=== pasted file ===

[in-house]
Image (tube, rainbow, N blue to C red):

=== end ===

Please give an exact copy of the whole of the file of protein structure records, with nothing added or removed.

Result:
[in-house]
Image (tube, rainbow, N blue to C red):